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Which one is correct “You heard it correct” or “You heard it correctly”?

Which one is correct? You heard it correct or You heard it correctly Does the same apply to read it correct[ly]?
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735 views

Where should I place the adverb?

Where should I place the adverb? Potentially, it could be moved back to where it was. It could be potentially moved back to where it was. It could potentially be moved back to where it was. ...
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Is “I'll when” proper form? [closed]

A friend of mine keeps using a contraction like this and I keep correcting him by asking "I'll what?". He doesn't get it though, and no matter how much I try to explain it doesn't seem to sink in. ...
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‘Not as simply’ versus ‘not as simple’

In this Stack Overflow answer, an editor changed my sentence: Not as simply as that, unfortunately. to: Not as simple as that, unfortunately. The original question was: Is there any ...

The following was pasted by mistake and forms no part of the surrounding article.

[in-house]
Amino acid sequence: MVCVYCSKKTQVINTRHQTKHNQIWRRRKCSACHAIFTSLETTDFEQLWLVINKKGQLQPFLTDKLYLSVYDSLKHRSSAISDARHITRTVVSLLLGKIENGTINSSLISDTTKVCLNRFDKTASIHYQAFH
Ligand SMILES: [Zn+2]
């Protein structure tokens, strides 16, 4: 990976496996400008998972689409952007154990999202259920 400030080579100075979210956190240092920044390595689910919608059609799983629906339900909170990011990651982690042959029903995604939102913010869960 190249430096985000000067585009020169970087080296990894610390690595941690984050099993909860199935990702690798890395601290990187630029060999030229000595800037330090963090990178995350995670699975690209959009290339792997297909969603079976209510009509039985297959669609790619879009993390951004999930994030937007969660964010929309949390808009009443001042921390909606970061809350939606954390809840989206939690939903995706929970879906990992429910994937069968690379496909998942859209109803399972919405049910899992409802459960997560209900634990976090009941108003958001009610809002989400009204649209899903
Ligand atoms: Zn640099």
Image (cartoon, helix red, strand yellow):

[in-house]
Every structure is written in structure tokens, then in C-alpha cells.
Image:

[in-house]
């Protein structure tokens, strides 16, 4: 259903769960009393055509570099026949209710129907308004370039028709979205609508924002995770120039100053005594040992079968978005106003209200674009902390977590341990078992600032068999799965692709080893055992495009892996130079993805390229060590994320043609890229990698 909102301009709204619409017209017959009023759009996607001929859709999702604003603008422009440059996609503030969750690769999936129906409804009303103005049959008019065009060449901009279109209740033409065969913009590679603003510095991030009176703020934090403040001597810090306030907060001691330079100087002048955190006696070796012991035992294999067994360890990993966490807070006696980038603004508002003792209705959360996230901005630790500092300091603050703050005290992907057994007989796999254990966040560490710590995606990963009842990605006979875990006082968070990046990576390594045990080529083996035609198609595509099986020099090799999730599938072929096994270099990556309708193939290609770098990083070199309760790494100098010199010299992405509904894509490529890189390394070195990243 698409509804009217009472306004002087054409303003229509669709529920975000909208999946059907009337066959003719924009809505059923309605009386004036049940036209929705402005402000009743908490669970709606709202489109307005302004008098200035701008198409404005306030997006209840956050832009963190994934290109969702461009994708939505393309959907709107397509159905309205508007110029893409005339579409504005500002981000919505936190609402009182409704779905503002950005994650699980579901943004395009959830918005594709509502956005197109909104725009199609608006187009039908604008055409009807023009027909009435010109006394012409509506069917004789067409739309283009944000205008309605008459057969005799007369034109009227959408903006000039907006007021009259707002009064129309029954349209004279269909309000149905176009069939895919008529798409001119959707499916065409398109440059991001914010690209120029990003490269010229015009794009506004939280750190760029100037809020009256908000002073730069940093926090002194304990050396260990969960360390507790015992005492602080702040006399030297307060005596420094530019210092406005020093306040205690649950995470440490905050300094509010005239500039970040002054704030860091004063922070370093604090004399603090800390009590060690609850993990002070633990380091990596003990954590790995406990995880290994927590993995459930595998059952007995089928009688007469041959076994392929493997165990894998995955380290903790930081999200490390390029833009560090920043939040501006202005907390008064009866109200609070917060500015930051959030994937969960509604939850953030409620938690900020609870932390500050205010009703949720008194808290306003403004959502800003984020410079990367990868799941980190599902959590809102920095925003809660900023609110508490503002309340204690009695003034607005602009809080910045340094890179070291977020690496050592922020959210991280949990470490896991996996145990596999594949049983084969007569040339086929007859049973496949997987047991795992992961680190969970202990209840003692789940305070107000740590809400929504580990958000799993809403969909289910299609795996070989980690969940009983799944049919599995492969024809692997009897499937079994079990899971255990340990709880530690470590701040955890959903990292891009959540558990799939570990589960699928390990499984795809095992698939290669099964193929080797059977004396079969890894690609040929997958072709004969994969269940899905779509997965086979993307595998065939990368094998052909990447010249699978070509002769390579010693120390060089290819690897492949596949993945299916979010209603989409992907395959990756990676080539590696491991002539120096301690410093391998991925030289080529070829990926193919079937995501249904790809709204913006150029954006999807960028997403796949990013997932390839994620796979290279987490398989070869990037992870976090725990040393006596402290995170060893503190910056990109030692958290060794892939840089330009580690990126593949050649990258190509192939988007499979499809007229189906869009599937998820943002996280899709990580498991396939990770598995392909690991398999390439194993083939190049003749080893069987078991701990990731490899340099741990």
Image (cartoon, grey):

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What does “duly” mean in the phrase “duly noted”?

The phrase "duly noted" is very common, but I have never used the word "duly" outside of this context. What is the meaning of the word "duly", and what does it add to the word "noted"? I would ...
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Opposite of “most recently”

What is a good way to formulate the opposite of "most recently"? For example, Display the five most recently updated streams. The two most recently hired coders are doing a great job. How ...